It was impractical to build more because their road speed of only 18 mph was too slow for manoeuvre warfare and their armament of a 3-pounder gun lacked the power to penetrate newer foreign tanks. By 1931, experience with the Experimental Mechanized Force led to the report of the Kirke Committee and specifications for three types of tank, a medium tank with a small-calibre anti-tank gun and a machine-gun, a light tank armed with machine-guns for reconnaissance and to co-operate with medium tanks by engaging anti-tank guns. A close support tank armed with a gun firing high explosive and smoke shells to give covering fire for tank attacks was specified; the Wall Street Crash of 1929 and the Great Depression led to big reductions in the funds made available for the army. Money spent on tracked vehicles fell from £357,000 in 1931–32 to £301,000 in the year 1932–33 and exceeded the 1931 figure only in 1934–35. In May 1934, Lieutenant-General Hugh Elles was appointed Master-General of the Ordnance and Brigadier Percy Hobart, the Inspector, Royal Tank Corps, asked Vickers to design a tank for infantry co-operation, that could survive all existing anti-tank weapons and be cheap enough for mass production in peacetime.
The next year, Vickers had a two-man tank design, with a machine-gun and powered by a civilian Ford V8 engine of 70 hp. The prototype of October 1936 weighted 10 long tons had a maximum speed of only 8 mph but carried 60–65 mm of armour and was mechanically reliable; the A11, Infantry Tank Mk I, was the first Infantry tank and the first practical expression of the decision to split design into I tanks and cruiser tanks, with different functions and tactics, supplied to separate units and formations. The 1935 edition of the War Office publication, Field Service Regulations, containing the principles by which the army was to act to achieve objectives, was written by Major-General Archibald Wavell, made breakthrough the responsibility of infantry divisions with the support of Army Tank Battalions, equipped with specialised vehicles for infantry-artillery co-operation, the slow and heavy Infantry tanks. Once a breakthrough had been created, a Mobile Division containing a tank brigade with light and cruiser tanks, would advance through the gap and use the speed and range of its tanks to surprise the defender and attack flanks and non-combatant units.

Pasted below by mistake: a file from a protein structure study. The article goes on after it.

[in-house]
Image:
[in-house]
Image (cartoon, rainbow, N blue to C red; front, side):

By 1939, further amendments to FSR added counter-attacks on an enemy armoured breakthrough. Defence against tanks could be achieved by troops finding physical obstacles and by controlling their own anti-tank guns; the obstacles could be woods and rivers or minefields as long as they were covered by fire from other weapons. In places lacking convenient terrain features, lines-of-communication troops would need anti-tank guns and be trained to set up localities suitable for all-round defenceThe need for economy in the design and production of the A11, too small for a radio, led to work on a successor, the A12, Infantry Tank Mk II in 1936. Capable of 15 mph, the A12 was still slow but had 60–70 mm of armour, making it invulnerable to tank guns and standard foreign guns like the German 37 mm Pak 36 anti-tank gun; the tank had a four-man crew and a turret big enough for a radio and a Ordnance QF 2-pounder high-velocity gun, firing solid projectiles capable of penetrating all 1939–1940 German tanks.
Vickers and government factories could not take on the work and it was farmed out to a civilian firm, which lacked experience and draftsmen. It took until 1939 to bring the A12 into production as the "Matilda II" and it had not gone into service when the war began, only 67 A11s having been delivered; when the Matilda was supplied to Army Tank Battalions it was an effective tank in the Battle of France and in the Western Desert Campaign, where it outclassed Italian tanks and was effective against standard Italian and German anti-tank guns from 1940–1941 but was found to be too slow for the fast tempo that German panzer units could achieve and unable to engage the more powerful German anti-tank guns from long range with high explosive shells. Using terminology, the infantry tank has been compared to a heavy tank, while the cruisers were compared to mediums, lights, or armoured cars; this comparison can be misleading.